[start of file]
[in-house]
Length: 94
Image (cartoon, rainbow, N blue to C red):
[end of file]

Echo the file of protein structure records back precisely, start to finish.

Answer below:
[in-house]
Length: 94
Image (cartoon, rainbow, N blue to C red):